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February 24, 1984


The opinion of the court was delivered by: TROUTMAN

 This matter is before the Court on Medicine Shoppe International, Inc.'s ("MSI"), Second Motion to Reopen and Enforce Settlement Agreement, and for Summary Judgment in Accordance with Settlement, and the Motion Requesting Equitable Recision of a Portion of Settlement Agreement filed by plaintiff in Cause No. 79-1351 and all defendants in Cause No. 83-1965 (such parties hereinafter being referred to collectively as "Sherman"). For the reasons set forth below, MSI's motion will be granted, and Sherman's motion will be denied. Because of the complexity of the situation, the facts and legal positions of the parties have been analyzed at some length.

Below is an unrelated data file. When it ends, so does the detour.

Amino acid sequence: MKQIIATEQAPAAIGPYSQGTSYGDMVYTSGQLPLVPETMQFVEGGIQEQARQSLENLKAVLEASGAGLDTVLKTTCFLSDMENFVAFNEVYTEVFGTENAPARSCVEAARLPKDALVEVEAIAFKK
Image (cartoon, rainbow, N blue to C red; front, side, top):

In 1979, William P. Sherman filed Civil Action 79-1351 in the state courts of Pennsylvania. The case was subsequently removed to this Court and a counterclaim was filed by MSI. Sherman alleged, inter alia, various breaches of two license agreements between himself and MSI, pursuant to which MSI licensed Sherman to utilize MSI's trademark, tradename and methods of doing business in the operation of two apothecary-type pharmacies (one in Reading, the other in Lancaster). MSI, in its counterclaim in Civil Action 79-1351 and its complaint in Civil Action No. 83-1965, sought enforcement of those license agreements and, in particular, the termination provisions contained in them.